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Bobby Rahal

  • American athlete
  • Born January 10, 1953

Robert Woodward "Bobby" Rahal (born January 10, 1953) is an American former auto racing driver and team owner. As a driver he won three championships and 24 races in the CART open-wheel series, including the 1986 Indianapolis 500. He also won the 2004 Indianapolis 500 as a team owner for the winning driver, Buddy Rice. After retiring as a driver, Rahal held managerial positions with the Jaguar Formula 1 team and also was an interim president of the CART series. Rahal was also a sports car driver during the 1980s, and made one NASCAR start for the Wood Brothers.


In racing, I wanted to be a winner and to be a winner, you have to be willing to roll the dice.




I have never had problems sleeping the night before a race.




What's really hit me over the years is that you go to every race and see all the well-wishers, and you really feel like you are connected with people after all these years.




I'd rather try and fail than not try at all, as they say.




You don't have to worry about whether the car is set up right or not, you know it is, and it's down to you. Ultimately, that's what every driver wants.




I guess it is the sense of personal satisfaction that racing gives you that I am probably going to miss, because in racing you get that feedback very quickly.




We ran three cars last year. Unfortunately, as time went on, we did have to let a few people go, which we regretted, but just because of the situation.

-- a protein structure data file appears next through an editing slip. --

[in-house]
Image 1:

At this stage of the game, I am not sure what the hell is going to happen.




Being injured is something that happens in this sport. Anybody who gets into it understands that.




Obviously it's critical that the three cars are able to contribute to the program. I think that certainly has given much of the reason as to why we did so well at Indy over the last several years.




There's a tremendous number of the Daytona Prototypes.




I don't want people to remember me going through the motions.




My son is racing his first 24-hour this year with Porsche.




The place where I had so much success as a driver would be where I had my first win as a team owner.




We tried to create advantages. We were never complacent.




In 1982 when I showed up, the average age of the drivers in the series was something like 40, 41. The crowds were small. There was not much prize money. The competition wasn't very tight.




I'd seen people overstay their welcome and I didn't want that to happen at all.




I am going to miss that time when you take that corner better than anybody else could have taken it on that lap or you do that great qualifying lap or you make that great pass or you bring a crippled car home.




Competitiveness has been a big thing for me.




Today, the competition is considerably more intense.




The fans know that I have been giving it my all and that we had the good judgment to when to say when.



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